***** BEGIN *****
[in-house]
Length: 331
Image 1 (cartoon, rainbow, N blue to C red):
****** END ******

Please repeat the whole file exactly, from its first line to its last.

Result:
[in-house]
Length: 331
Image 1 (cartoon, rainbow, N blue to C red):